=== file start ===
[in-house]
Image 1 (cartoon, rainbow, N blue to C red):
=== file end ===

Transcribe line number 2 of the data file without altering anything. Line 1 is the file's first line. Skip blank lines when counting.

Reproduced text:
Image 1 (cartoon, rainbow, N blue to C red):